This is the second video I have recommended from TED. TED is a web site that has over 200 thought provoking videos. All are about 20 minutes – part of their challenge to thinkers: present it in 18 minutes!

TED was introduced to me by my friend Ernie Denny. Ernie runs the Sculpture Program at Clemson University’s Botanical Garden. Artists create sculptures out of plant materials, which all eventually will melt back into the ground. The tag line is “where nature and culture” meet. It is really quite cool. This is a sculpture from 2001, called Spittin Image by Patrick Dougherty. It’s made from woven red maple and dogwood saplings gathered from power lines and hiway right-of-ways.

Ok. This gets better. Ernie tells me this sculpture was inspired by a piece of work by Italy’s Bramante. Since we do trips to Italy, this is serendipity for sure. Following are some comments and another moody picture of it from Ernie.

“The Tempietto in the cloister of San Pietro in Montorio was built by Bramanate after 1502, on the commission of the Spanish monarchs, Ferdinand of Aragon and Isabella of Castile. The emphasis here is on the harmony of proportions, the simplicity of volumes (cylinder, hemisphere) and the sobriety of the Doric Order. The circular plan symbolizes divine perfection. Inspired by ancient temples, the Tempietto is both a homage to antiquity and a Christian memorial.”
— Mitchell Beazley. The World Atlas of Architecture. p276.

“For Bramante, the planning of the Tempietto must have represented the union of illusionistic painting and architecture he had spent his career perfecting. The building, too small on the inside to accommodate a congregation (only 15 feet in diameter), was conceived as a ‘picture’ to be looked at from outside, a ‘marker’, a symbol of Saint Peter’s martyrdom.”

— Marvin Trachtenberg and Isabelle Hyman. Architecture: from Prehistory to Post-Modernism. p302.

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I am sure the rest of the country gets tired of all the boomer talk. But I am one, so it is what I know, and what I talk about. I am convinced that as boomers retire they are going to get back to their roots. What might those roots be?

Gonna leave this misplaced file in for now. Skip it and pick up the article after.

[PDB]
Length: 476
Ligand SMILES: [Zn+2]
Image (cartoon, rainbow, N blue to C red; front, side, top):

In our formative years we were an idealistic group. We came through college determined to make change and create a better world. But then we began getting jobs, having kids, getting way too responsible. We were subsumed into society adopting the mores of all those around us. It is sad really. But I believe boomers are going to return to their idealism, work to make change and to finish what they began.

Truly, what I love about what Kristi and I do is that we help people get in touch with their deeper selves. This is not just boomers, of course. But for boomers it allows them to reconnect to the people they have been suppressing since their idealistic youth. What we do is put people in a place and with activities that draw who they are, what they were born as, out. I can’t explain how Italy does this. We both remark how we are never so much ourselves as when we are there. The art work that people engage in on our trips is a wonderful way to observe and understand more deeply. It certainly complements what Italy does.

There is little so satisfying as seeing people’s shoulders begin to drop during the week. See them prance around the streets. See them return with new discoveries as if they were a child again. And hear them say how they are going to go home and do things a little differently. We were full of life as young boomers. In Italy we come back to life. Soooooo great!

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Work to Live

Film producer Michael Dryhurst had this to say about a movie he filmed in Italy. “Shooting here is just so much slower. The Italian crew works hard during the day, but come 5 or 6 o’clock, that’s it. They don’t even want the overtime to keep going. It’s a whole different philosophy of working. In the States we live to work. Here, they work to live.”

I may be wrong, but I believe we are getting tired of working so much in the U.S. Sure we are a different culture, but the pace, the intensity, the nonstop nature of our work is wearing us out. Here are some interesting facts.

  • We work 9 hours more a week today than in 1986.
  • We work over one month’s more worth of time in a year than in 1970.
  • 1 in 3 feels chronically overworked.
  • 54% of us has felt overwhelmed in the last month by the amount of work we had to do.
  • In 1960 we worked less than the Europeans, now it’s considerably more.
  • If we worked the same number of hours as in Europe we would stop working on October 22 for the rest of the year.

It is not that Europeans don’t like to work or aren’t productive. In fact, they are as productive as we on a per hour basis. The difference is that they are better at enjoying and relishing life. There are a lot of reasons for this, but the fact of the matter is that we have forgotten what it is like to live life, to work to live rather than the opposite.